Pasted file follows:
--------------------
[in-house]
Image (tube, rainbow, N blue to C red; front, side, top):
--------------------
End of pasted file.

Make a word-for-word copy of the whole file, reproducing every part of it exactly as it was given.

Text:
[in-house]
Image (tube, rainbow, N blue to C red; front, side, top):